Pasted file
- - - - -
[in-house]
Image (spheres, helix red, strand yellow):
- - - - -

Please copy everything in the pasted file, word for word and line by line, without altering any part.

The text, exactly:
[in-house]
Image (spheres, helix red, strand yellow):